Right to Basic Social Services

*This is an excerpt from PKKK’s Rural Women Status Report on CEDAW 2011.

Women experience hunger differently from men.  Most of the times rural women prioritize male members of the family and children when there is little or not enough food.  Women comprise 30.1 % of the vulnerable groups who are experiencing chronic hunger in the Philippines.

PKKK study cited that women find ways to cope with hunger in the family by changing food preparation and diet intake of the family.

The composition of food of rural women varies from place to place.  In Samar, households eat Kamote, Palawan, gabi,  banana, rice, fish.  If rice is not available, rootcrops are used  alternative  source of carbohydrate during trying times. Home grown vegetables are also available.   They also have their ways of coping of eating.  They use salt, soy sauce, and cooking oil as viand.  There are instances that families go to sleep early because they have no food for dinner. 

Most rural women are engaged in food production but their access to food is limited.  UNDP noted that 28.4 % of pregnant women were nutritionally at risk in 2005 based on the weight for height index.  About 40% of pregnant women are anemic.  There is a higher incidence of anemia (50% and over) among women in Mindanao, the country’s food basket.

The diet of pregnant women is 78.4 % adequacy level for calories and low micronutrient levels. UNDP claimed that this increases the risk of maternal mortality and delivery of low birth weight infants.

The Philippine MDG Indicator states that the probability of attaining the target for potable drinking water of families is high. There is also a high probability of attaining the proportion of households with sanitary facility. The PPGD Assessment claims to have a  slight increase in coverage of households with access to water and sanitation services but there is an absence of gender analysis of the water and sanitation situation. Sanitation is a problem in Samar.  In  Quezon and Agusan, access to potable water is a concern of women because sources of potable water are far from households.


In terms of the MDG, the probability of attaining the target for universal primary education of both boys and girls is low. [1] The completion rate  (CR) trend decreased from 2002-2005.  UNDP attributed this to the weak ability of the government to provide complete basic education in more than 7,000 barangays in the country for the low completion rate in 2005.  Some 21% of the already established elementary schools in 2005 had incomplete grade level offering.  The access to education is affected by the access to income of parents and working children.

A case in point is the situation of  elementary classrooms in Lavisares in Samar and South Upi Maguindanao. [2]  In one of the monitoring visits in Samar there were dilapidated school buildings of Grades One and Two in Lavisares.   This was reported already to the Department of Education for a year and yet no visits were conducted yet.  It was cited in a study in Maguindanao that 85% of the residents in barangay Kuya could not write.  When the election process was still manual, they need someone to write the names of the candidates for them.   Participants of the research in Local and Sectoral Application of CEDAW in Maguindano  hopes that there will be an adult literacy program in their sitios (Sitio Bliugan in Rifao and Sitio Benuan in Kuya) or to at least learn how to write their names and read a little in order to prepare them for the election.  Others expressed scholarship programs for the youth, additional books for the students and improvement of school facilities.  Teachers likewise aired sentiments on low and delayed salary releases.  One teacher acknowledged that the food aid program coming from USAID and UNICEF has helped decrease the drop-out rate of students.  Another cause for drop-out is during planting season, where children are being used as additional labor or to take care of their siblings.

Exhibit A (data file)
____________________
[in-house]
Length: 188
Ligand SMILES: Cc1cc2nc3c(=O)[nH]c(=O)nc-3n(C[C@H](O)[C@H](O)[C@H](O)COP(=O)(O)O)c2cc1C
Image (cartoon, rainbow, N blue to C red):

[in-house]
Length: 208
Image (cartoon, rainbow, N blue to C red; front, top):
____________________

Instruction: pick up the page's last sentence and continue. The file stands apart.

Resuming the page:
In Cavite, PKKK research cited that there are mismatch among available jobs and educational attainment.  Most of the available jobs are outsourcing that requires English proficiency. 

Labor and Employment

In terms of labor and employment, there are more employed men than women.  The Labor Force survey of 2010 stated that 49.7 % labor force participation rate among women and 78.9 %.  There are 2.4 million women who are unpaid family workers while 1.9 million are men in 2006. [3] 73.7% are in the agricultural sector.

Governance among Rural Women

Rural women organization seeks co-management of programs and projects that concern them. They sit in Barangay Agrarian Reform Council (BARC), Provincial Agrarian Reform Council (PARC), Local Development Councils, Inter agency Task Forces where they actively participate as stakeholders in accessing basic services.

The access to basic services of rural women is anchored on two principles in the Magna Carta of Women. One is to promote empowerment of women and pursue equal opportunities for women and men and ensure equal access to resources and to development results and outcome. Another is to develop plans, policies, programs, measures, and mechanisms to address discrimination and inequality in the economic, political, social, and cultural life of women and men.

The access question is part of the economic, social and cultural rights.  It is the obligation of the State to progressively realize these rights.


[1]               http://www.undp.org.ph/?link=goal_2

[2]               PKKK Localization of CEDAW and TSM Research.

[3]               October 2006 figures


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